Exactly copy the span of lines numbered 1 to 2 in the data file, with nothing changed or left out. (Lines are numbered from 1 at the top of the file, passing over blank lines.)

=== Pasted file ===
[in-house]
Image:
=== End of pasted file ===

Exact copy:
[in-house]
Image: